Copper, stopper, build a topper?

 

Some charting evidence of a pending top exists in Copper.

This evidence includes the likely build up of a large volume of sell stops just below the market. The weekly chart shows that the rally from the October 2011 low has simply retested the double top completed last September. My macro friends tell me that demand for Copper in China is on the wane — and China has been the world’s biggest driver of Copper prices in recent years.

Also note on the weekly chart the possibility of a 29-month H&S top pattern. We are a long way from having this pattern come into play, but if prices start down keep it in the back of your mind. But, remember, I am NOT a big fan of up-slanted necklines on H&S tops.

The daily chart displays a clearly defined 2-month symmetrical triangle. Because this triangle has five contact points it can serve as a top pattern — pending a close below the existing March low. There are no doubt stops gallore below the February and March lows. Markets — almost magically — are drawn to important chart points. These stops could result in follow through, which could possibly put a top in the market for 2012. Thus…Copper, stopper, build a topper.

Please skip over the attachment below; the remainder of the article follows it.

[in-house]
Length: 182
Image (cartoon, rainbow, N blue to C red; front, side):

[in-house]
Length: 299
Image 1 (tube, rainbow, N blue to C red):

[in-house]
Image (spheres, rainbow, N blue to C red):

Even if a downside penetration is not made, this pattern could still prove to be bearish. Over the years I have noticed that the upside completion of a 6-point triangle with three distinct highs and three distinct lows is the last gasp of a bull trend.  This is NOT true for four-point triangles, which tend to thrust prices considerably higher.

Thus, should prices move out of the top of this pattern and suddenly reverse back into the pattern it would be a significant sell signal. The failure of patterns to result in an expected move often times has great technical significance. The critics of classical charting principles fail to grasp this nuanced concept.

Markets: $HG_F, $JJC

 

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  1. […] likelihood of a break out higher because that was the direction of the trend. Fellow Technician Peter L Brandt took the side of the bears and he was 100% right. And that’s why we have to keep an open […]

  2. […] thing and come up with different conclusions. For example, I have a ton of respect for technician Peter L. Brandt, and he sees things differently here. And he’s been doing this a lot longer than I have. […]

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